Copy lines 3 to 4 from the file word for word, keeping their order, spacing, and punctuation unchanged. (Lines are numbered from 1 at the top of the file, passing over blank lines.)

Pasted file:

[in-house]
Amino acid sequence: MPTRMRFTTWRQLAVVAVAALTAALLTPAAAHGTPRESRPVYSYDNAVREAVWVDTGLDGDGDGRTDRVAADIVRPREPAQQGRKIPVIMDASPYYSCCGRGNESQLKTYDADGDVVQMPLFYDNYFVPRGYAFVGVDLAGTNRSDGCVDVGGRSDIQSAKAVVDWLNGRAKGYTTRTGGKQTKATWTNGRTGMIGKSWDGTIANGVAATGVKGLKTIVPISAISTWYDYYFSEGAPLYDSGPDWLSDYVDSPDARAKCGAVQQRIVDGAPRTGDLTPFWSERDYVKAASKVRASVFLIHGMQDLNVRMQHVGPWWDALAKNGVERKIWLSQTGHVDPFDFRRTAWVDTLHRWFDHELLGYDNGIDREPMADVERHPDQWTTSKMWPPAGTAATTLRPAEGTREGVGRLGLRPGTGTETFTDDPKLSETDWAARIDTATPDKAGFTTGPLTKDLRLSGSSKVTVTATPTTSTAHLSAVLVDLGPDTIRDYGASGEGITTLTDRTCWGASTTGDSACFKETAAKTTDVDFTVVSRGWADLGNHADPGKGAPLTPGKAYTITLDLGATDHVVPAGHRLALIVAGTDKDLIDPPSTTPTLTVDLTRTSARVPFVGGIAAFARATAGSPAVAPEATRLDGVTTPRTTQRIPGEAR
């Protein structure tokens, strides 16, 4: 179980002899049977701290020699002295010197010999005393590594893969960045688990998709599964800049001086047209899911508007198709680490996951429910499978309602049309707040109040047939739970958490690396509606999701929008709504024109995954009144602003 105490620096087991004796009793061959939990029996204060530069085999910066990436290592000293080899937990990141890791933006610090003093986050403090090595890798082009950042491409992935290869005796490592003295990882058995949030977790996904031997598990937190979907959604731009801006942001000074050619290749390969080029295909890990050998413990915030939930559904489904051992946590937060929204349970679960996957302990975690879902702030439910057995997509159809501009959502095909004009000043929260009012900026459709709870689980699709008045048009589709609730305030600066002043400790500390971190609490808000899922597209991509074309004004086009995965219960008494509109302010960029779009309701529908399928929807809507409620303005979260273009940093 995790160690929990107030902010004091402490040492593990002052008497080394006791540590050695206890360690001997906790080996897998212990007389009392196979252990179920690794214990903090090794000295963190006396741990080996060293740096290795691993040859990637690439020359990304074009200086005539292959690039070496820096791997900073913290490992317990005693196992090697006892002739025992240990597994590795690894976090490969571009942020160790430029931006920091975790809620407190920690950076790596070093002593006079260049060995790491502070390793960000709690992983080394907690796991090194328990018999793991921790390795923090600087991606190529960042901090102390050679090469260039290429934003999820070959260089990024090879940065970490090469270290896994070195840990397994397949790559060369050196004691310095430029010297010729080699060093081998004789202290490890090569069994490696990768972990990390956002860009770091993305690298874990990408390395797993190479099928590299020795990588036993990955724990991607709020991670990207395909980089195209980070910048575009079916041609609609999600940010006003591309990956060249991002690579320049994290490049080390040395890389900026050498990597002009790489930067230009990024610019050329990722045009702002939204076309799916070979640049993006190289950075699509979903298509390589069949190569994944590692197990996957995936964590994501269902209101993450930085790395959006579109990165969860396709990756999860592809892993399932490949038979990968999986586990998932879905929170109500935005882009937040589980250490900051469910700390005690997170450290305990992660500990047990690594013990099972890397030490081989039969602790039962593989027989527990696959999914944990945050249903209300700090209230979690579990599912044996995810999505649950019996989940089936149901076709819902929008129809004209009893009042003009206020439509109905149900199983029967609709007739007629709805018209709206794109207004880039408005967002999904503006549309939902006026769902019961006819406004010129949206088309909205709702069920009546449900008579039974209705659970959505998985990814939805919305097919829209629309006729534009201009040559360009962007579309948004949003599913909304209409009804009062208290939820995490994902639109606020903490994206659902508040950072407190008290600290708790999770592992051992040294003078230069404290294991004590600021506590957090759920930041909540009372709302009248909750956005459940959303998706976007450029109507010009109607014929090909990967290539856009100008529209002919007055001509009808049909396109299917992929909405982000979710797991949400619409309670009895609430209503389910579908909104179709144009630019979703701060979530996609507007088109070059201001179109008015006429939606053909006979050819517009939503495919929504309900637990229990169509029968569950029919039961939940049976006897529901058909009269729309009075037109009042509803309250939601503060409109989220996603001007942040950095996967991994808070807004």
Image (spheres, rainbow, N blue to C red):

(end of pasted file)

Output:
């Protein structure tokens, strides 16, 4: 179980002899049977701290020699002295010197010999005393590594893969960045688990998709599964800049001086047209899911508007198709680490996951429910499978309602049309707040109040047939739970958490690396509606999701929008709504024109995954009144602003 105490620096087991004796009793061959939990029996204060530069085999910066990436290592000293080899937990990141890791933006610090003093986050403090090595890798082009950042491409992935290869005796490592003295990882058995949030977790996904031997598990937190979907959604731009801006942001000074050619290749390969080029295909890990050998413990915030939930559904489904051992946590937060929204349970679960996957302990975690879902702030439910057995997509159809501009959502095909004009000043929260009012900026459709709870689980699709008045048009589709609730305030600066002043400790500390971190609490808000899922597209991509074309004004086009995965219960008494509109302010960029779009309701529908399928929807809507409620303005979260273009940093 995790160690929990107030902010004091402490040492593990002052008497080394006791540590050695206890360690001997906790080996897998212990007389009392196979252990179920690794214990903090090794000295963190006396741990080996060293740096290795691993040859990637690439020359990304074009200086005539292959690039070496820096791997900073913290490992317990005693196992090697006892002739025992240990597994590795690894976090490969571009942020160790430029931006920091975790809620407190920690950076790596070093002593006079260049060995790491502070390793960000709690992983080394907690796991090194328990018999793991921790390795923090600087991606190529960042901090102390050679090469260039290429934003999820070959260089990024090879940065970490090469270290896994070195840990397994397949790559060369050196004691310095430029010297010729080699060093081998004789202290490890090569069994490696990768972990990390956002860009770091993305690298874990990408390395797993190479099928590299020795990588036993990955724990991607709020991670990207395909980089195209980070910048575009079916041609609609999600940010006003591309990956060249991002690579320049994290490049080390040395890389900026050498990597002009790489930067230009990024610019050329990722045009702002939204076309799916070979640049993006190289950075699509979903298509390589069949190569994944590692197990996957995936964590994501269902209101993450930085790395959006579109990165969860396709990756999860592809892993399932490949038979990968999986586990998932879905929170109500935005882009937040589980250490900051469910700390005690997170450290305990992660500990047990690594013990099972890397030490081989039969602790039962593989027989527990696959999914944990945050249903209300700090209230979690579990599912044996995810999505649950019996989940089936149901076709819902929008129809004209009893009042003009206020439509109905149900199983029967609709007739007629709805018209709206794109207004880039408005967002999904503006549309939902006026769902019961006819406004010129949206088309909205709702069920009546449900008579039974209705659970959505998985990814939805919305097919829209629309006729534009201009040559360009962007579309948004949003599913909304209409009804009062208290939820995490994902639109606020903490994206659902508040950072407190008290600290708790999770592992051992040294003078230069404290294991004590600021506590957090759920930041909540009372709302009248909750956005459940959303998706976007450029109507010009109607014929090909990967290539856009100008529209002919007055001509009808049909396109299917992929909405982000979710797991949400619409309670009895609430209503389910579908909104179709144009630019979703701060979530996609507007088109070059201001179109008015006429939606053909006979050819517009939503495919929504309900637990229990169509029968569950029919039961939940049976006897529901058909009269729309009075037109009042509803309250939601503060409109989220996603001007942040950095996967991994808070807004």
Image (spheres, rainbow, N blue to C red):